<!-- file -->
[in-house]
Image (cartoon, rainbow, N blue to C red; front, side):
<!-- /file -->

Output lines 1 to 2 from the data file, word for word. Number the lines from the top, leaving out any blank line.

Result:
[in-house]
Image (cartoon, rainbow, N blue to C red; front, side):